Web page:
Corporate Europe Observatory

Exposing the power of corporate lobbying in the EU

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Le droit de dire non

L’accord commercial entre le Canada et l’UE menace les interdictions de la  fracturation hydraulique

Alors que les états membres de l’Union Européenne (UE) analysent les conséquences environnementales du développement du gaz de schiste par la fracturation hydraulique, des négociations sont en cours pour un Accord Économique et Commercial Global (AECG) entre le Canada et l’Union Européenne. Controversé, ce dernier permettrait aux investisseurs de contester la décision des gouvernements de réguler ou d’interdire la fracturation.

Ce document met en relief le débat public entourant la fracturation; les intérêts des compagnies pétrolières et gazières dans les réserves de gaz de schiste en Europe et les conséquences que la clause regardant la protection des investissements inclue dans l’AECG pourrait avoir sur le pouvoir des gouvernements de réglementer ou d’interdire la fracturation. Il comprend l’étude de cas de la société Lone Pine Resources Inc. versus le Canada, qui conteste le moratoire sur la fracturation et poursuit le gouvernement canadien en faisant valoir cette clause, et met en garde que cela pourrait se produire en Europe. Il recommande de ne pas inclure le mécanisme de règlement de litige entre les investisseurs et l’État dans l’AECG.

Attached files: 
Partner organisation: 

It's almost six months since EU Climate Commissioner Miguel Arias Cañete claimed to have negotiated an historic global deal to tackle climate change at COP21in Paris. The 3 May also marked a year and a half of Cañete being in the job. However, he and his his boss, Vice President of the Commission Maros Šefčovič, continue to give privileged access to fossil fuel players trashing the climate, who have enjoyed eight meetings to every one involving renewable energy or energy efficiency interests since the Paris deal was signed. Rather than a change of direction, it's business as usual for the European Commission following the Paris Agreement, which is great news for Big Energy but a disaster for those serious about tackling climate change.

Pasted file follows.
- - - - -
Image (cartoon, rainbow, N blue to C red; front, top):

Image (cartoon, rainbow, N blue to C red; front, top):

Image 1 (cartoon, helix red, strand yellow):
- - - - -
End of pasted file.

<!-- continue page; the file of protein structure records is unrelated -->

In the middle of May over 4000 people from all over Europe gathered in the Lusatia region in Eastern Germany. The plan? To block a Vattenfall-owned opencast lignite mine.

In light of the ITRE Opinion and forthcoming discussion on the proposed Directive to reform the Emissions Trading System (and “enhance cost-effective emission reductions and low-carbon investments”), CEO offers comments. 

Ultimately, revisions of this sort are nowhere near enough. The new ETS Directive requires some "damage limitation." But it is also a time to reflect on the need to move beyond emissions trading at the heart of EU climate policy. There are many ways to achieve this:

A revised Emissions Trading Directive is like red meat for the hungry pack of lobbyists that work the corridors of Brussels’ political institutions. Even minor differences in how pollution permits are handed out can result in profits or savings of millions of euros to big polluters.

Ahead of the Commission's proposal for a new ‘mandatory’ lobby transparency register, CEO takes a look at the summary of the public consultation on the subject: civil society's call for better transparency systems faces the spin of corporate lobby groups and trade associations, which appear to promote transparency values but recommend limited implementation, loopholes and toothless management.

CEO's reaction to the the Bahamas leaks, which revealed ex-EU competition commissioner Neelie Kroes' offshore links.

The European Commission's upcoming regulation proposal for acrylamide, a dangerous contaminant formed in many starchy foods when cooked at high temperatures, relies on codes of best practices developed by food industry lobby groups.

A new report on the Comprehensive Economic Trade Agreement (CETA) reveals how the trade deal could make EU member states vulnerable to costly lawsuits from North American investors that threaten public interest.

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The corporate lobby tour